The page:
News in brief: Molecular testing highlighted in classification of childhood tumours; Opioid fears a barrier to cancer analgesia adherence; Oncology AI program dumped by IBM

Thursday, 27 Jan 2022


Molecular testing highlighted in classification of childhood tumours

The soon-to-be published inaugural World Health Organization (WHO) Classification of Pediatric Tumors will help improve diagnostic precision and health outcomes in children and adolescents with cancer globally.

A statement from the American Association for Cancer Research said sporadic and hereditary genetic alterations play a key role in the development of paediatric tumours.

The document reflects the transition from diagnoses based on histological/microscopic findings and immunohistochemistry to more reproducible, molecularly-driven diagnosis based on tumour genomics.

“This will additionally require the development of affordable tests and supporting networks for middle- and low-income countries, complemented by artificial intelligence approaches to potentially predict molecular classes from histology samples in the future.”

First author Professor Stefan Pfister, from the Hopp Children’s Cancer Center Heidelberg said “…a precise, unbiased, and unambiguous diagnosis that harmonises molecular tumour typing, prognostic and predictive biomarkers, and potential cancer predisposition is an extremely good investment to improve patient outcomes and spare treatment side effects.”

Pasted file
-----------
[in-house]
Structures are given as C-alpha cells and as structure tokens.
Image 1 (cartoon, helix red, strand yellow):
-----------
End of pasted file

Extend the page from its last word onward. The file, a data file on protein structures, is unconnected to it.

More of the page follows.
The Classification of Pediatric Tumors will be published as part of the fifth edition of the WHO “blue books”.

Read more in a summary in Cancer Discovery


Opioid fears a barrier to cancer analgesia adherence

Non-adherence with pain management in head and neck cancer is common and driven in part by fears of addiction, Australian researchers say.

A small retrospective chart review over two years in a regional cancer clinic found 70% of patients were non adherent with prescribed analgesia despite reporting severe pain.

“Three main reasons for non-adherence with pain management were reported: Fear of addiction and resistance to using opioids, administration or dose confusion, and difficulty organising medications (such as filling scripts).”

The researchers said there may be unique characteristics among regional patients that warrant attention.

Clinicians require early identification strategies to identify and intervene early to address opioid stigma and fear. In rural settings, the unique contextual factors which influence this fear and stigma need consideration.”

Read more in Collegian


Better than a doctor? IBM abandons ‘Watson’ oncology AI program

A decade after declaring its AI system was better at diagnosing cancer than a doctor, IBM has dumped its troubled Watson supercomputer business.

Developed in conjunction with the Memorial Sloan Kettering Cancer Center, the Watson for Oncology system was once claimed to have a 90% accuracy rate for diagnosing lung cancer compared to 50% for human doctors. Its developers said human doctors would need to spend 160 hours a week reading clinical studies to keep up with the latest developments in oncology trials whereas Watson’s supercomputing power allowed it to quickly absorb and apply this knowledge in clinical situations.

However in real world use the Watson Health AI programs had operational problems, needed extensive human input and only worked well for uncommon cancers.

IBM has since shut down the oncology program and this week sold off the remaining healthcare data and analytics parts of Watson Health to investment firm Francisco Partners.

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